Students explore Hmong culture during immersion trip to Southwest China
February 19, 2013
Editor's note: The term Miao has different connotations around the world. Here, the term Miao is used to refer to the Hmong of China, who are one of four distinct ethnic minority groups referred to by the term Miao in that country. While many Hmong Americans find the term Miao problematic, many Chinese Hmong identify with the term.
|UW-Eau Claire students, faculty and guide pose for a photo in the Hmong/Miao exhibit at the Yunnan Ethnicity Village in Kunming, Yunnan Province, China. Left to right: Chee Yang, Choua Xiong, Kelly Wonder, Crystal Vang, YuYou Xiong (guide), Denise Lee, Ezra Zeitler, Nou Vue, Cindy Yang, See Yang, and Becky Vang.|
EAU CLAIRE — Lush green vegetation, mountainous landscapes and hillside farms set the scene as eight Hmong American students from the University of Wisconsin-Eau Claire set out to research Hmong and Miao culture in Southwest China during a summer 2012 immersion trip to the Yunnan Province. The students will present the results of their research this spring, both on campus and at a national conference.
The trip, funded in part by the UW-Eau Claire Center for International Education's International Fellows Program and partly by AsiaNetwork, focused on immersing students in the rich history of the Yunnan Province and the Hmong there, as well as immersing students in the Hmong language as they interacted with the local people to conduct their research. According to the grant proposal, the main objective was to trace the origins of Hmong history, culture and society in order to compare the practices of Hmong Americans with the Hmong and other Miao groups in China.
"This project was completely student driven," said Dr. Kelly Wonder, lecturer of English as a second language in the foreign languages department. "They became interested in the idea as freshmen and worked to bring it to life. It's something they were all very passionate about. The trip was significant for them in identifying big-picture cultural differences and developing a connection to their own identities and cultural group."
Kinesiology major Crystal Vang said the inspiration for the project came when the students were asked to go into the community and teach about Hmong culture.
"I realized I didn't know that much about it," Crystal Vang said. "It's difficult to teach others about my history and culture when I, myself, don't know much about it."
UW-Eau Claire student Chee Yang asks members of a Hmong community near Wenshan, Yunnan Province, China about historical and contemporary Han-Hmong relations.
Crystal Vang, Vadnais Heights, Minn.; Choua Xiong, Appleton; See Yang, Madison; Chee Yang, Stevens Point; Becky Vang, White Bear Lake, Minn.; Nou Vue, Combined Locks; Cindy Yang, Stevens Point; and Denise Lee, Stevens Point, discussed and planned the details of the project with faculty and applied for funding. Once approved, they prepared for the trip by taking a semesterlong independent studies class in which they studied Chinese culture and research methodology, discussed topics with Chinese scholars, interviewed Hmong elders in their own communities, attended a Hmong Scholars Conference at Concordia University and presented research topics at the American Multicultural Student Leadership Conference at the University of Wisconsin-Stout.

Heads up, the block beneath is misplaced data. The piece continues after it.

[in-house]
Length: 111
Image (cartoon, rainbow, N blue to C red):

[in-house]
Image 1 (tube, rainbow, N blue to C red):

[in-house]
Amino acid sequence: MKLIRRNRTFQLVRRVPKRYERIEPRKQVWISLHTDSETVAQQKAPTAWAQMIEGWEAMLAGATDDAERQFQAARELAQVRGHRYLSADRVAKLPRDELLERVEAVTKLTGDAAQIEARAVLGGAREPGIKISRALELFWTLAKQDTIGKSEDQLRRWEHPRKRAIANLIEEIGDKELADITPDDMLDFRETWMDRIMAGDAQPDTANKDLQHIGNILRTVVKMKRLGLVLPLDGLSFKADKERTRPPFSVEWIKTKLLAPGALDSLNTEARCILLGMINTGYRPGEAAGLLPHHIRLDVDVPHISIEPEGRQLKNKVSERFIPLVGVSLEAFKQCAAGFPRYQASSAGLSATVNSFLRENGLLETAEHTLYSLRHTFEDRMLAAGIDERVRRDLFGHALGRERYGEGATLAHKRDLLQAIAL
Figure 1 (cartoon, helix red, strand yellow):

Accompanied by Wonder and Dr. Ezra Zeitler, an assistant professor in the geography and anthropology department at UW-Eau Claire, the students spent three weeks traveling to various Hmong villages in the Yunnan Province and interviewed and observed people in each community on such topics as clothing, mythical figures and education.
Crystal Vang's research focused on how traditional methods of the art of sewing work differ from more modern ones.
"Paj Ntaub, meaning flower cloth, is a form of embroidery containing symbols that distinguish what clan you belong to," Crystal Vang said. "Traditionally, Paj Ntaub was done by hand by the woman of the household with a needle and thread. Now, patterns are entered into a computer program and the embroidery is done by a machine. The tradition of the Hmong dress is lost because of modernism. Women no longer have the time to stay home and sew a dress by hand."
Crystal Vang also explained that hemp, a plant that is now illegal in China, was traditionally used to make the dress, and even though it is very beneficial in the fiber, oil and seed, it can also be used as a drug that gives the same "high" as marijuana.
"Hmong elders want to pass the tradition on, but it's hard because hemp is illegal now," Crystal Vang said.
Xiong, a liberal studies major, chose to research the mythical aspects of Hmong culture and history regarding King Chi You.
"In Chinese and Hmong mythology, King Chi You is a mythical war deity and leader of the Miao people," Xiong said. "My research led me to believe that it's difficult to discern if the Miao people share a consensus about King Chi You's role in early Hmong history. However, in areas where Chinese tourists and others are entertained by Miao ethnic groups, a clearer sense of King Chi You's role in early history is evident as they seek to introduce their culture to others. There is no evidence supporting Chi You as the Hmong king. Hmong acknowledge that Chi You was a king of the Miao people, which includes subgroups Hmu, Qho Xiong, Ahmao and Hmong."
Xiong's liberal studies degree emphasizes critical culture studies, communication and art analysis, socio-cultural analysis, and critical Hmong studies. She said this trip helped her gain confidence in doing research and also gave her a sense of empowerment regarding her culture.
"It was an emotional experience for me," Xiong said. "I've always wondered why we don't have a country. Visiting the Hmong villages in China taught me that we do have something different and special as a culture. This trip has encouraged me to do more things and ask more questions. I am going to Thailand in the summer through the Hmong Mutual Assistance Association in La Crosse to continue researching, and after I graduate in 2014, I am going to graduate school for Hmong and ethnic studies."